Standard MRI studies on each of the 7 patients with LNS and 7 age-matched controls were completed on a 1.5-T MRI scanner (GE Signa, Milwaukee, Wis) using the following protocol: 5-mm sagittal and 4-mm axial T1-weighted images; 5-mm axial proton-density and conventional (not fast spin-echo) T2-weighted images. The axial images were obtained parallel to the anterior commissure/posterior commissure (AC-PC) line. Axial contiguous 1.5-mm SPoiled GRASS images (described below) were then obtained.
Analysis of the MRI scans consisted of 3 phases. In phase 1, all patients had standard cranial MRI, and interpretations were supplied by an experienced neuroradiologist. In phase 2, scans from patients and controls were blindly reviewed by a neuroradiologist (R.R.L.), who was asked specifically to comment on the size and configuration of the basal ganglia and cortex. In phase 3, volumetric studies were completed.
Studies were read routinely as part of the normal clinical workflow. At a later time, the 7 patients with LNS and 7 age-matched controls (a total of 14 studies) were presented in random order and blindly reviewed by a single neuroradiologist (R.R.L.), without knowledge of how many of the 14 cases were affected with LNS and how many were healthy control subjects. The blind review of both LNS and healthy control MRI scans focused on volumes of the caudate, putamen, and associated structures, and evaluated the presence of cerebral atrophy. The cranium was also evaluated.
The 7 patients with LNS and 7 control subjects were then studied with volumetric MRI. The volumes of the basal ganglia were measured from T1-weighted 3-dimensional SPGR (SPoiled GRASS-Gradient Refocused Acquisition in the Steady-State) MRI scans (repetition time, 35 milliseconds; echo time, 5 milliseconds; 1 excitation; 45° flip angle) that consisted of 128 contiguous axial 1.5-mm slices through the entire brain. The lateral ventricles (excluding the temporal horns), the head and body of the caudate nucleus, the putamen, and the globus pallidi were manually outlined by a trained operator. Three-dimensional volumetric images were reconstructed with standard clinical software (ISG, Mississauga, Ontario). Blinded repeated measurements of these structures demonstrated variability of less than 10%.
Because of the severity of the movement disorder, an anesthesia protocol was established to maintain immobility during the MRI procedure. Patients were anesthesized with either intravenous propofol (150-250 g/kg per minute) or rectal methohexital (30 mg/kg), supplemented by 70% nitrous oxide in oxygen. Pancuronium bromide (0.1 mg/kg) was used to facilitate endotracheal intubation and to keep the patients immobile during the procedure. Patients were mechanically ventilated (end-tidal CO2, 40±5 mm Hg) by the anesthesiologist throughout the procedure through an endotracheal tube. Heart rate, blood pressure, and oxygen saturation did not vary by more than 10% from the baseline.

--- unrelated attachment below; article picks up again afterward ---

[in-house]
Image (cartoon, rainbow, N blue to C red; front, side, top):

Statistical analysis of the volumes of the basal ganglia and brain in patients with LNS and control subjects were analyzed using SPSS for Microsoft Windows (SPSS, Chicago, Ill), Release 6.1. Significance testing was performed using 2-tailed Student t tests.
Phase 1: standard mri findings
Routine reading of the 7 LNS cases as part of the normal clinical workflow identified few abnormalities. Only 2 patients were thought to have cortical atrophy, and there were specific comments about the basal ganglia in only a single patient.
Phase 2: blinded review with specific focus on basal ganglia
When the 14 cases (patients and controls) were retrospectively blindly reviewed in randomized order, with explicit attention to the basal ganglia, several additional features were identified in the patients with LNS only. The MRI scans were blindly read as normal for 6 of 7 control subjects; the scan of the seventh subject showed mild prominence of the sulci of the cerebellar vermis but was read as otherwise normal.
Blindly reviewed neuroradiologic findings on the 7 LNS cases are summarized in Table 1. Three of the 7 patients had small caudates and 2 others had caudates that were believed to be probably small. This assessment was based on the shape of the caudate nucleus and the shape and size of the adjacent frontal horns (Figure 1); small caudates create less of a bulge into the ventricles, resulting in more prominent frontal horns, out of proportion to the rest of the ventricular system. The putamina were believed to be possibly small in only 2 patients. The bicaudate index (bicaudate diameter divided by the outer tables of the skull at the level of measurement)9 was determined and is described in Table 2. A significant difference (t13=2.28; P =.04) was documented between the LNS and control groups.